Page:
Boy . . . have we got an opportunity and challenge for you!

The San Pedro Sula mission is being divided to the East and West missions, with the one current serving Senior couple going with the West mission.  Leaving the EAST mission with no senior couples.  We are really in need of 3-4 Senior Missionary couples!  

I'm sure many of you are contemplating a Senior Couple mission for the Church of Jesus Christ of Latter-day Saints.  Now is your time!!  :D

Watch this video for just a little taste of what's in store for LDS Senior Missionaries!





Here is the best (and worst) of what Honduras has to offer:


The best of Honduras:


  • Homes are painted and beautiful in some areas as families strive to keep their humble circumstances clean.
  • The flowers ARE beautiful!
  • Honduras has the most recently dedicated LDS temple and it is beautiful!
  • Full service at all the gas stations :)
  • Fresh fruit such as - bananas, oranges, pineapples, watermelons and more are always available.
  • You never have to shovel snow, or scrape ice.
  • Missionaries have great energy and excitement and testify with great enthusiasm.
  • Honduras is a beautiful green country with lots of rivers.
  • The LDS chapels are some of the nicest buildings in their cities.
  • The gospel of Jesus Christ changes people and enlightens their life.
  • The missionaries and people are among the best in the world :)
  • Senior missionaries currently are housed in a stunningly beautiful oasis compared to much of the city.
  • Wintertime temperatures are approximately a balmy 85 degrees.
  • Roatan, the paradise of Honduras in currently in need of a senior missionary couple.
  • The people of the islands are as beautiful as their accompanying scenery.
  • Time is indeterminate and no one is bothered by tardiness.
  • Baleades, a tortilla of rice and beans are typical daily fare.
  • The people love the missionaries.
  • The children are delightful!
  • Sometimes missionary work is just plain ol' fun.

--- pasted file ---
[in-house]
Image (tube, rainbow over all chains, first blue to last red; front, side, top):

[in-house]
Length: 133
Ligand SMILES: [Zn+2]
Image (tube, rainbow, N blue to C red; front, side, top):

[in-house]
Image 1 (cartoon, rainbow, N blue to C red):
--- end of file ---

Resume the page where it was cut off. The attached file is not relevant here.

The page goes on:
• Baptisms on the beach really happen.
  • It's an honor to be a missionary!
  • The Lord has his eye on each tiny branch of the church in Honduras.
  • Kayaking on Roatan is an amazing opportunity where one can see dazzling coral and beautiful fish.
  • Ummm . . . can you believe the seafood is amazing!
  • On the islands, the air is clean, it's quiet and the beaches are amazing.
  • Sunsets are gorgeous.
  • The blessings are endless.



The worst of Honduras:


  • Most of the roads are rutted and bumpy dirt roads 
  • Not all neighborhoods have garbage pick up and litter sometimes lines the roads
  • Many roads are narrow and difficult to maneuver.
  • Traffic is crazy and frequently causes long lines.
  • Senior missionaries have VERY long days.
  • In many neighborhoods children must play inside during the day as it's too dangerous to go out and play in the streets.
  • Intestinal parasites are a possibility and one takes medication to prevent / overcome.
  • Tens of thousands of taxi's are honking constantly.
  • Noise congestion and rubble abound.
  • The flies at the beaches are particularly annoying.
  • Time is indeterminate and no one is bothered by tardiness.
  • Baleades, a tortilla of rice and beans are typical daily fare.
  • During the rainy season it rains, and rains . . . . and rains and rains . . .
  • You might have to learn to cook lobster.
  • The days are long and the work is hard.


In return for  missionary service we have much to promise . . .

The best experience of your life.  

The opportunity to serve alongside the best missionaries in the world.

Service to the most humble and teachable of our Father's children.  

We will be the best missionary President for you to work with - we promise! :D

You can contact Norm or Kristin at
alpinekleins at aol(dot)com

For the REAL scoop on missionary service in Honduras -
We invite you to check out the following missionary service blogs reporting from Honduras.